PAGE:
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What Is A Design Journal?

In most of your design studios, you are going to be asked to keep an architecture design journal, sketchbook or visual diary. Sometimes it may be part of your assessment to show your engagement, process and completion of the required work. Even if you’re not asked to keep a design journal it’s a really good habit to get into.

Keeping a design journal is a great record of your work for a project and over time. It keeps everything in one place and becomes an easy reference when you want to go back to an idea or something you tested or to explain the process of your thinking and how you came to a final design solution.

Your design journal is something that you might start to carry around with you so that you have a place to jot down thoughts and ideas as they come to you in random places, which they will!! So how do you start?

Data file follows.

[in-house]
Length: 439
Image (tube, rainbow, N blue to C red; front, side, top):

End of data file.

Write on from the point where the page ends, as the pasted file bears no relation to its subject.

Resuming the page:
Choosing A Design Journal

You start by choosing a journal. You might be given a specific design journal to use for a subject or project. Most likely you get to choose for yourself. There are three big considerations when choosing a design journal: size, paper and binging.

  • Size | Size comes down to what size paper you like to draw and write on and what size is easy to carry around. My personal experience has found that A3 is way too big and awkward. A4 is usually a little bit big. A5 or B5 (which is in between A4 and A5 and about the size of an iPad although not as common) is a good size and easy to carry. A portrait or vertical format is good.
  • Paper | Paper comes down to thickness, texture and then any printing. Cartridge paper is good for art but not always as good for architecture. Some papers are quite thin and any pen will bleed through so you need to test – thicker is probably best. Also, you will have options for a blank page, ruled, lined grid or dot grid. Blank or a dot grid is good as it gives you more freedom for writing or drawing. The 5mm dot grid is great as it provides a guide for writing, sketching and scale drawings.
  • Binding | Binding comes down to whether you want a spiral binding so that you can flip the pages back on themselves